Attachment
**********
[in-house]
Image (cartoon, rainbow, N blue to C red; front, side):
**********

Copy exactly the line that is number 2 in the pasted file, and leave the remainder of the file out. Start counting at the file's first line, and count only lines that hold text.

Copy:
Image (cartoon, rainbow, N blue to C red; front, side):